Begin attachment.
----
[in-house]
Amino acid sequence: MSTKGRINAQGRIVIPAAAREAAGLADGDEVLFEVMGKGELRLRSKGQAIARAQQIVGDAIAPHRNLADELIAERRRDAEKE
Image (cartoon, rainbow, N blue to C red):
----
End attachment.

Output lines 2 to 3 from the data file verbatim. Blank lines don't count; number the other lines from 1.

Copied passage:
Amino acid sequence: MSTKGRINAQGRIVIPAAAREAAGLADGDEVLFEVMGKGELRLRSKGQAIARAQQIVGDAIAPHRNLADELIAERRRDAEKE
Image (cartoon, rainbow, N blue to C red):